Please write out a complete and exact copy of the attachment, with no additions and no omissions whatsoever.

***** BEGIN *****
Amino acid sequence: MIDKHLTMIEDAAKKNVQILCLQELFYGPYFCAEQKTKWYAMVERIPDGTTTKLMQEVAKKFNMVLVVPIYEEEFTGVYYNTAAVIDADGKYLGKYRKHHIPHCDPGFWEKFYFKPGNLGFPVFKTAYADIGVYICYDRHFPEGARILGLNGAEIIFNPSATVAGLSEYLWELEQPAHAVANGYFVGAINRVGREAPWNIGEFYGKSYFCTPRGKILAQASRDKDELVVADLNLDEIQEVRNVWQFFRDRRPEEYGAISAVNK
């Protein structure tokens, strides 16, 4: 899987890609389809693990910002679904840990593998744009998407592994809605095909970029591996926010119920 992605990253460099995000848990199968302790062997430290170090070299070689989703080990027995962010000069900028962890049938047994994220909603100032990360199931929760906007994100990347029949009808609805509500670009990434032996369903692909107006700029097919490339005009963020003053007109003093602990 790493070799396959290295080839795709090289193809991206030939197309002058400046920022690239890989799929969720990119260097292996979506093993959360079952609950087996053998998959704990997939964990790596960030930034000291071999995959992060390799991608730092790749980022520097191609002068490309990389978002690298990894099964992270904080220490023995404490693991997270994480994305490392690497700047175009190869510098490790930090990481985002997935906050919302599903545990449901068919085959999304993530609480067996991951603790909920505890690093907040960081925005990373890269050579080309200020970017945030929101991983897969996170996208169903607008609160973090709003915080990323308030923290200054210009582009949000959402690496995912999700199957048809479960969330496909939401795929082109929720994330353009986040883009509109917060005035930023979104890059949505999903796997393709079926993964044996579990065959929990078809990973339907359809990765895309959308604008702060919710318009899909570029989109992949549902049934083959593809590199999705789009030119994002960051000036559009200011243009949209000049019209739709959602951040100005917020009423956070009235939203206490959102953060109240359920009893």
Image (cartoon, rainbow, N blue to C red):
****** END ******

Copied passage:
Amino acid sequence: MIDKHLTMIEDAAKKNVQILCLQELFYGPYFCAEQKTKWYAMVERIPDGTTTKLMQEVAKKFNMVLVVPIYEEEFTGVYYNTAAVIDADGKYLGKYRKHHIPHCDPGFWEKFYFKPGNLGFPVFKTAYADIGVYICYDRHFPEGARILGLNGAEIIFNPSATVAGLSEYLWELEQPAHAVANGYFVGAINRVGREAPWNIGEFYGKSYFCTPRGKILAQASRDKDELVVADLNLDEIQEVRNVWQFFRDRRPEEYGAISAVNK
């Protein structure tokens, strides 16, 4: 899987890609389809693990910002679904840990593998744009998407592994809605095909970029591996926010119920 992605990253460099995000848990199968302790062997430290170090070299070689989703080990027995962010000069900028962890049938047994994220909603100032990360199931929760906007994100990347029949009808609805509500670009990434032996369903692909107006700029097919490339005009963020003053007109003093602990 790493070799396959290295080839795709090289193809991206030939197309002058400046920022690239890989799929969720990119260097292996979506093993959360079952609950087996053998998959704990997939964990790596960030930034000291071999995959992060390799991608730092790749980022520097191609002068490309990389978002690298990894099964992270904080220490023995404490693991997270994480994305490392690497700047175009190869510098490790930090990481985002997935906050919302599903545990449901068919085959999304993530609480067996991951603790909920505890690093907040960081925005990373890269050579080309200020970017945030929101991983897969996170996208169903607008609160973090709003915080990323308030923290200054210009582009949000959402690496995912999700199957048809479960969330496909939401795929082109929720994330353009986040883009509109917060005035930023979104890059949505999903796997393709079926993964044996579990065959929990078809990973339907359809990765895309959308604008702060919710318009899909570029989109992949549902049934083959593809590199999705789009030119994002960051000036559009200011243009949209000049019209739709959602951040100005917020009423956070009235939203206490959102953060109240359920009893």
Image (cartoon, rainbow, N blue to C red):